What about you? Any traditions that you have as a family when it comes to mealtimes? Any stories of ideas that have worked and some that have failed? How has eating together as a family worked for you, if at all? Please share some stories in the comments below.


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40 Tips for Parents: Tip #28

Don’t compare your children.

This tip was shared by Tarryn Badenhorst who said:

‘Don’t compare your children to others

Also, having children often seems to shine a spotlight on one’s own – Work on your own heart as you parent so that you don’t project these onto your children when you find them pushing your buttons/ poking on your sore spots?’

To which Susannah Prinz added:

‘Also don’t compare your children to each other.’

We have alluded to this in other tips, but not addressed it directly – the notion that every child is different. Some will be similar and so when it comes to discipline and reward and celebration and so on, you might find the same or similar things work. But some are so different that they require different ways of being engaged with and disciplined and so on.

But one thing we as people like to do is compare. And a lot of parents fall into that trap as well. Which can create unrealistic expectations as well as pressure on a child. “Why can’t you be more like your sister?” “Your brother was much better at maths! Why can’t you take after him?” “I wish you were as ……. as your brother/sister.”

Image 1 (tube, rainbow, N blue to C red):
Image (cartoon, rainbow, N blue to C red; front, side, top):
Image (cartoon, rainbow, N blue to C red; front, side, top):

So whether it is outside of your family, or within, don’t compare your child. Let them become the person they are meant to be. Equip and challenge and inspire and hope and dream and create opportunities and listen and gently shape… but don’t ever let them feel like they are in someone else’s shadow, or that they need to do or be different to be able to earn your love or trust or respect.

Don’t compare your children.


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40 Tips for Parents: Tip #29

Help them explore and affirm other cultures.

This one was suggested by Gretchen Zuidema Driesenga who said:

‘Help them explore and affirm other cultures. Give them dolls of a different race, books that feature children of other races, cultures, abilities, etc. As parents, have friends who are different than you- model this to your children. Teach children not to stare when someone is different- teach them to smile, say hi, etc.’

This is huge. And i don’t think much more needs to be said except to doubly encourage the idea of being intentional about friendships with people who don’t look like you.